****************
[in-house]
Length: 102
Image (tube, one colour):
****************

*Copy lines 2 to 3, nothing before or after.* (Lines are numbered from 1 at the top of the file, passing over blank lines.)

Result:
Length: 102
Image (tube, one colour):